INDUS WATER TREATY
NASEER A GANAI
That the Indus Water Treaty between India and Pakistan is inflicting recurring heavy losses to Jammu and Kashmir is widely acknowledged. But, is there a way to seek compensation from the government of India for this treaty?
“Yes, the state government should ask for full participatory sharing of power generated on the three eastern rivers from New Delhi,” says a senior government official, pleading anonymity.
Under the treaty, the eastern rivers - Sutluj, Beas and Ravi - of Indus Basin, which pass through Himachal Pradesh and Punjab, have been made available for unrestricted use by India for utilization of water for irrigation and power generation. The three western rivers - Chenab, Jehlum, and Indus - which flow through Jammu and Kashmir, have been made available for unrestricted use by Pakistan. The fallout of restricted storage of water and run of river power generation is that the installed capacity of the hydel projects in Jammu and Kashmir is drastically reduced.
Senior officials of the Power ministry say that the restriction imposed by the treaty has resulted in colossal loss of power to the extent of 15000 megawatts to Jammu and Kashmir.
Had the storage of water on these rivers been permissible, it could have been utilized to store the summer discharge, which in turn could have boosted the generation capacity during winter when the energy demand shoots up particularly in the valley.
For the projects like 450 mw Baghilhar Hydro Electric Project, the officials said, the annual loss of energy was estimated at 1000 MUs accounting for a whopping Rs 200 crore because of the treaty and for the life of the project the loss would amount to Rs 7,000 crore.
Presently, according to revised estimates, the hydroelectric potential is 20,000 mw. But the annual energy loss would be 60,000 MUs valuing Rs 12,000 crore. Compared to the total cost of individual project like Uri-I, Rs 3000 crore, Salal, Rs 1,000 crore and Dul Hasti, Rs 5,000 crore, it is a huge loss. Even if these projects are handed over to the state, they said, it would not compensate the loss inflicted by the 1960 treaty.
Still, the situation is not that bleak. In 1998, the government had assessed the potential of Chinab and Indus rivers as 10,000 mw on the basis of run of the river schemes with small storage capacity in their tributaries limited to maximum storage capacity permissible under the Indus Water Treaty. If the state government is allowed to go for tapping the potential on its own, it would change the whole power scenario here.
Sadly, however, the government of India has scuttled all such moves in the past by refusing to provide counter-guarantee when the state government tried to sign MoUs with foreign consortiums forcing it to hand over seven projects to NHPC in 2000.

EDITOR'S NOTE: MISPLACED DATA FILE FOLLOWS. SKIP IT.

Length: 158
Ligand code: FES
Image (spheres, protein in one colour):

Presently, the NHPC generates 2175 mw from different projects in India out of which Jammu and Kashmir alone contributes 1170 mw i.e. 54 per cent of the total installed capacity.
Based on the reported completion cost of Rs 1,000 crore on both stages of the 690 mw Salal Hydro Electric Power project, a standard debt equity ratio of 70: 30, discounting factor of 10 per cent and return of equity of 16 per cent, the NHPC till 2004 would have recovered about Rs 600 crore and ROE alone at present value would be equivalent to about Rs 354 crore against their total investment of Rs 300 crore. This would be in addition to the NHPC having paid off the entire debt of Rs 700 crore along with the accrued interest till its repayment.
The state government had pleaded that 690 mw Salal Hydro Electric Project has paid back more than its debt and equity investment of NHPC, the project needed to be transferred to the state. But nothing has happened on the count.
Officials say the state government had asked the government of India it to make Jammu and Kashmir fully participatory for sharing of the power generated on the three eastern rivers as compensation to the Indus Water Treaty. It had pleaded that the water was being stored on these rivers at the cost of Jammu and Kashmir and consequently the state should get the share in power generation on these. However, the state government never pleaded the case vigorously.
The state government has been so indifferent that Bhakta Beas Management Board has withdrawn its meager share of 25 mw to 30 mw to Jammu and Kashmir about two decades ago forcing it to purchase the same at a much higher cost. The cost of power was 5-paise per unit. Sources said the state government never took up the issue with the BBMB thus allowing the continuous loss to the state.